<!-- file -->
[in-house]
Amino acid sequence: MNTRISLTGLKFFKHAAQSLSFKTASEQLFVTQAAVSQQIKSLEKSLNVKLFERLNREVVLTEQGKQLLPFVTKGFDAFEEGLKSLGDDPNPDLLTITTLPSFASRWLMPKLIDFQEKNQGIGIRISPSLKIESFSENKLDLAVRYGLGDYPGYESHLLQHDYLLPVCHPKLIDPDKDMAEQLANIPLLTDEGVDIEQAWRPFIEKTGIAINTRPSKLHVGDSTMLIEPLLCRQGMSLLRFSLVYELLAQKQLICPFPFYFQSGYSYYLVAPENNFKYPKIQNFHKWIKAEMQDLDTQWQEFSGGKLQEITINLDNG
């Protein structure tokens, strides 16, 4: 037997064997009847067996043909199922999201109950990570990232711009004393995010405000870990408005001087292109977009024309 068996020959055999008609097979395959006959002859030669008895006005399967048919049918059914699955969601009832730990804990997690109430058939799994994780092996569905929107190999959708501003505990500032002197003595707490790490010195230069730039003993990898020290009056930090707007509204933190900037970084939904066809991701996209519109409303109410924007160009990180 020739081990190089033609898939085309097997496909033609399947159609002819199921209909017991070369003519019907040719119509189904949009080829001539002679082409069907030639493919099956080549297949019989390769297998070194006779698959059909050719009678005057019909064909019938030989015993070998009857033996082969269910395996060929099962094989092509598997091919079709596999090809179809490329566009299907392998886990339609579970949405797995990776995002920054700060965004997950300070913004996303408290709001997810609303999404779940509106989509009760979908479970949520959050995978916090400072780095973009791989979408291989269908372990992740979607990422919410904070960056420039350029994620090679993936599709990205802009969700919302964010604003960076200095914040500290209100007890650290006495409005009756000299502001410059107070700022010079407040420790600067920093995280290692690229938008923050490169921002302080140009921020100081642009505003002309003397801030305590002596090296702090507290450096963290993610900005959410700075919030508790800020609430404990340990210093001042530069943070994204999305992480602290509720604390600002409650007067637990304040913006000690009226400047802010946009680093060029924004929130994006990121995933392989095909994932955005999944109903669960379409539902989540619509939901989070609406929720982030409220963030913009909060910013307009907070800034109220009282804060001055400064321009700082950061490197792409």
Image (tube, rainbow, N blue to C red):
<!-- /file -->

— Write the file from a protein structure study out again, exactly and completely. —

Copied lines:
[in-house]
Amino acid sequence: MNTRISLTGLKFFKHAAQSLSFKTASEQLFVTQAAVSQQIKSLEKSLNVKLFERLNREVVLTEQGKQLLPFVTKGFDAFEEGLKSLGDDPNPDLLTITTLPSFASRWLMPKLIDFQEKNQGIGIRISPSLKIESFSENKLDLAVRYGLGDYPGYESHLLQHDYLLPVCHPKLIDPDKDMAEQLANIPLLTDEGVDIEQAWRPFIEKTGIAINTRPSKLHVGDSTMLIEPLLCRQGMSLLRFSLVYELLAQKQLICPFPFYFQSGYSYYLVAPENNFKYPKIQNFHKWIKAEMQDLDTQWQEFSGGKLQEITINLDNG
């Protein structure tokens, strides 16, 4: 037997064997009847067996043909199922999201109950990570990232711009004393995010405000870990408005001087292109977009024309 068996020959055999008609097979395959006959002859030669008895006005399967048919049918059914699955969601009832730990804990997690109430058939799994994780092996569905929107190999959708501003505990500032002197003595707490790490010195230069730039003993990898020290009056930090707007509204933190900037970084939904066809991701996209519109409303109410924007160009990180 020739081990190089033609898939085309097997496909033609399947159609002819199921209909017991070369003519019907040719119509189904949009080829001539002679082409069907030639493919099956080549297949019989390769297998070194006779698959059909050719009678005057019909064909019938030989015993070998009857033996082969269910395996060929099962094989092509598997091919079709596999090809179809490329566009299907392998886990339609579970949405797995990776995002920054700060965004997950300070913004996303408290709001997810609303999404779940509106989509009760979908479970949520959050995978916090400072780095973009791989979408291989269908372990992740979607990422919410904070960056420039350029994620090679993936599709990205802009969700919302964010604003960076200095914040500290209100007890650290006495409005009756000299502001410059107070700022010079407040420790600067920093995280290692690229938008923050490169921002302080140009921020100081642009505003002309003397801030305590002596090296702090507290450096963290993610900005959410700075919030508790800020609430404990340990210093001042530069943070994204999305992480602290509720604390600002409650007067637990304040913006000690009226400047802010946009680093060029924004929130994006990121995933392989095909994932955005999944109903669960379409539902989540619509939901989070609406929720982030409220963030913009909060910013307009907070800034109220009282804060001055400064321009700082950061490197792409």
Image (tube, rainbow, N blue to C red):